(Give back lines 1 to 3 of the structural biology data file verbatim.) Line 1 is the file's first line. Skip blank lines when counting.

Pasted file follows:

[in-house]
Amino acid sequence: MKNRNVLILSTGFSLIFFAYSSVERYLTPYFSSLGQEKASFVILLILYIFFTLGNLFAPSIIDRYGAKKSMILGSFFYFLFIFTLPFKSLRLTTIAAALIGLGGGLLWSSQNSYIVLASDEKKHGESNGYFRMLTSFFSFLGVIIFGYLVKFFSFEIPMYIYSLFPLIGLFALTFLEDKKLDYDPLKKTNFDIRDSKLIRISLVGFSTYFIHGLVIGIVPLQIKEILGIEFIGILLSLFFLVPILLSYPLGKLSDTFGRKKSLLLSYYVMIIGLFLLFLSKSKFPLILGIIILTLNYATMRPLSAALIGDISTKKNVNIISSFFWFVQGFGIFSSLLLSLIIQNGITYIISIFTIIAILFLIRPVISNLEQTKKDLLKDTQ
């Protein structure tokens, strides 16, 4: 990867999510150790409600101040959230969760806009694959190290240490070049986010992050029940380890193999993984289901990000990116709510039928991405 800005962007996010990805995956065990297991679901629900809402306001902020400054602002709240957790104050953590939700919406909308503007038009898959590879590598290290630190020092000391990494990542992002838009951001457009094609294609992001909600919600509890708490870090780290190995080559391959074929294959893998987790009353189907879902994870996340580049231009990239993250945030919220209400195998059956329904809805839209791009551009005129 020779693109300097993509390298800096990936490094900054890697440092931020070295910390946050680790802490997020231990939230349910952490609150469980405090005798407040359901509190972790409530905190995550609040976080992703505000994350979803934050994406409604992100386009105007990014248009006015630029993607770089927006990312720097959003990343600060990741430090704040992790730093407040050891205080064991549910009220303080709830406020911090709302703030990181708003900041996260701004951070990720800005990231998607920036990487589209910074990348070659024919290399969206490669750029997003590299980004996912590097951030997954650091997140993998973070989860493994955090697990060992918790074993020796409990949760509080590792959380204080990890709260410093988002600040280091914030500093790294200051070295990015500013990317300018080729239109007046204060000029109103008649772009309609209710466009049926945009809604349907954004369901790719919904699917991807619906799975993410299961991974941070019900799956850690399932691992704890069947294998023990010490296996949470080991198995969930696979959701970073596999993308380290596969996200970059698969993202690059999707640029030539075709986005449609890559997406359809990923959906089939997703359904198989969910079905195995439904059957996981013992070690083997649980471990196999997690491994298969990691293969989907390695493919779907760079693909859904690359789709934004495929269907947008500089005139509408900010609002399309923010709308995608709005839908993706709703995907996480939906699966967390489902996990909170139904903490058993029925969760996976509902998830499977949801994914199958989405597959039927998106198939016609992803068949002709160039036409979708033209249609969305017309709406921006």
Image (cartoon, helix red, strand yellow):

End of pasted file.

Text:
[in-house]
Amino acid sequence: MKNRNVLILSTGFSLIFFAYSSVERYLTPYFSSLGQEKASFVILLILYIFFTLGNLFAPSIIDRYGAKKSMILGSFFYFLFIFTLPFKSLRLTTIAAALIGLGGGLLWSSQNSYIVLASDEKKHGESNGYFRMLTSFFSFLGVIIFGYLVKFFSFEIPMYIYSLFPLIGLFALTFLEDKKLDYDPLKKTNFDIRDSKLIRISLVGFSTYFIHGLVIGIVPLQIKEILGIEFIGILLSLFFLVPILLSYPLGKLSDTFGRKKSLLLSYYVMIIGLFLLFLSKSKFPLILGIIILTLNYATMRPLSAALIGDISTKKNVNIISSFFWFVQGFGIFSSLLLSLIIQNGITYIISIFTIIAILFLIRPVISNLEQTKKDLLKDTQ
């Protein structure tokens, strides 16, 4: 990867999510150790409600101040959230969760806009694959190290240490070049986010992050029940380890193999993984289901990000990116709510039928991405 800005962007996010990805995956065990297991679901629900809402306001902020400054602002709240957790104050953590939700919406909308503007038009898959590879590598290290630190020092000391990494990542992002838009951001457009094609294609992001909600919600509890708490870090780290190995080559391959074929294959893998987790009353189907879902994870996340580049231009990239993250945030919220209400195998059956329904809805839209791009551009005129 020779693109300097993509390298800096990936490094900054890697440092931020070295910390946050680790802490997020231990939230349910952490609150469980405090005798407040359901509190972790409530905190995550609040976080992703505000994350979803934050994406409604992100386009105007990014248009006015630029993607770089927006990312720097959003990343600060990741430090704040992790730093407040050891205080064991549910009220303080709830406020911090709302703030990181708003900041996260701004951070990720800005990231998607920036990487589209910074990348070659024919290399969206490669750029997003590299980004996912590097951030997954650091997140993998973070989860493994955090697990060992918790074993020796409990949760509080590792959380204080990890709260410093988002600040280091914030500093790294200051070295990015500013990317300018080729239109007046204060000029109103008649772009309609209710466009049926945009809604349907954004369901790719919904699917991807619906799975993410299961991974941070019900799956850690399932691992704890069947294998023990010490296996949470080991198995969930696979959701970073596999993308380290596969996200970059698969993202690059999707640029030539075709986005449609890559997406359809990923959906089939997703359904198989969910079905195995439904059957996981013992070690083997649980471990196999997690491994298969990691293969989907390695493919779907760079693909859904690359789709934004495929269907947008500089005139509408900010609002399309923010709308995608709005839908993706709703995907996480939906699966967390489902996990909170139904903490058993029925969760996976509902998830499977949801994914199958989405597959039927998106198939016609992803068949002709160039036409979708033209249609969305017309709406921006």